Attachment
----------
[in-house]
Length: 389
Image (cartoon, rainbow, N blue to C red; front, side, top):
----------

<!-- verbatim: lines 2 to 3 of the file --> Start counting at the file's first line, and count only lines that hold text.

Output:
Length: 389
Image (cartoon, rainbow, N blue to C red; front, side, top):